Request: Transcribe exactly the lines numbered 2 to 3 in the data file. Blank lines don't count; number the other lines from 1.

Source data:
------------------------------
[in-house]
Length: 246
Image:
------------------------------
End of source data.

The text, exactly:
Length: 246
Image: